This paper presents a series of multi-disciplinary artworks developed from collaborations with local Tasmanian pigeon fanciers and homing associations. The artworks explore the desire to locate habitat in unstable environments, exposing bespoke ecosystems and visualising agency within a locational / relational feedback loop. The homing instinct of the rock pigeon is segued into the loss of home felt by local refugees.
The wild rock pigeons' cohabitation with humans 10 000 years ago triggered a unique and mutually beneficial association, allowing safe shelter for bird and unprecedented carrier utility for human. The enduring relationship between bird and human has evolved in response to the pigeon's homing instinct, evidencing an empathetic bond driven by an urge to continually re-establish contact.
Homing is an innate instinct to return to known territory via new and unknown environments. The contemporary bird / fancier relationship reveals layers of belonging, between animal, human and place. It more abstractly reflects a desire to be local; to belong within an emotional and spatial system, confronting and navigating tenuous places and experiences.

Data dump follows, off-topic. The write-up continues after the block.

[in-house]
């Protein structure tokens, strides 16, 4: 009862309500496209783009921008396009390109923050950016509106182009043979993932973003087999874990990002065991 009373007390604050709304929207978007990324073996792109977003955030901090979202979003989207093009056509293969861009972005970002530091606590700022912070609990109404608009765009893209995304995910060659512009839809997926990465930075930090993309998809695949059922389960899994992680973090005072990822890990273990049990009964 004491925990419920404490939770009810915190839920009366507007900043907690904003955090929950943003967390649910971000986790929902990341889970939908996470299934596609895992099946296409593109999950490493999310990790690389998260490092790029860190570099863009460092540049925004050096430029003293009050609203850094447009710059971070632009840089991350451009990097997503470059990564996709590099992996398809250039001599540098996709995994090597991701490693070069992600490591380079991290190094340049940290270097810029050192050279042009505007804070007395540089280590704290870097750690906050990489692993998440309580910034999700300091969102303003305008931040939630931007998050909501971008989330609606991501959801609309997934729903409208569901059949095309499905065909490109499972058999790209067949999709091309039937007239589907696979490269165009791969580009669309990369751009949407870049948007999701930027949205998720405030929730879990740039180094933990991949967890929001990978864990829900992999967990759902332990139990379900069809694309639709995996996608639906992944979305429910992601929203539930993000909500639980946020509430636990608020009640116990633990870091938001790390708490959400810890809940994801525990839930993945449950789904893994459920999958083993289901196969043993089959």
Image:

Pigeon fanciers typically inhabit suburban environments, establishing the birds' lofts amongst the conglomerate nest of human habitation (sheds, carports, BBQ areas, clotheslines). From this domestic grotto, fanciers travel impressive distances to reach wilder places, releasing their birds to find their way back home. The bird's instinct of site fidelity sits counter to the fancier's instinct to reconnect to wild environs. It is a symbiotic relationship drawn from divergent urges.